"Affinity groups" help foster a sense of inclusion. Employees have formed groups in support of women, African Americans, Hispanics, Native Americans, those with roots in China, Vietnam, the Philippines, and the Middle East, plus gay, lesbian, bisexual, and transgender supporters.
Mr. Quevedo says diversity extends to the SCE board, where four of the 10 members come from minority groups. Across the company, he says, staff can see the efforts being made to embrace diversity and inclusion and "know that we're serious about the contribution of all employees."
Nobody does diversity quite like Wal-Mart, or at least not on its scale.
The Bentonville, Arkansas, retail giant employs the equivalent of a decent-sized city -- 1.3 million people in the United States alone -- of whom around 75 focus solely on diversity relationships inside and outside the company.
Donald Fan, director of marketing and communications for diversity relations, says Wal-Mart has a community outreach program and an equally strong diversity ethic running through the company.
Knowing the Neighborhood
Wal-Mart works with Hispanic, African-American, Asian-American, and women's organizations to better understand and serve those communities. "We need to understand not just their buying habits or how they spend their money, but also their culture and heritage," Mr. Fan says.
Such relationships bring mutual benefits. "The community recognizes us as a partner, an advocate, and a friend," he says, adding the hope that this trust and positive image will translate into a loyal customer base.
Wal-Mart employs more than 826,000 women, 237,000 African Americans, and 154,000 Hispanics, and has established in-house resource groups supporting those people plus others. That diversity ascends to the corner offices -- the high-profile CEO of Wal-Mart's U.S. stores division, Eduardo Castro-Wright, is Hispanic.
Mr. Fan believes the company's 14-strong board also reflects diversity with three women, two Hispanic, and two African-American members; in addition, he says, Wal-Mart works with more than 3,000 minority-owned suppliers in the United States.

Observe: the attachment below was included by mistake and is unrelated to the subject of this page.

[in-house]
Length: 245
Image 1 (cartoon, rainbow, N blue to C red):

Financial institutions in general have scored well on the Diversity Elite -- four of the top 10 companies this year are in the finance industry.
Bank of America, No. 5 this year and last year's No. 1, is fully committed to diversity and inclusion inside and outside the company, according to media relations manager Kelly Sapp, based at corporate headquarters in Charlotte, North Carolina.
She says six informal affinity groups within the company play an important role in sharing best practices, mentoring, networking, promoting leadership, and helping with recruitment and staff retention.
Ms. Sapp says of the bank's more than 203,000 staff, close to 70 percent are women and 44 percent minorities. "Women also fill 50 percent of management and officer roles," she adds.
The bank has a 23-member global diversity and inclusion council appointed by chairman and CEO Ken Lewis, a network of diversity business councils plus a philanthropic program established in 2004 with the goal of giving $1.5 billion over 10 years, mostly to local community organizations.
PNM Resources, an electric and gas energy and utility company based in Albuquerque, New Mexico, has the smallest number of employees [1,165] of any company on the 2007 Diversity Elite.
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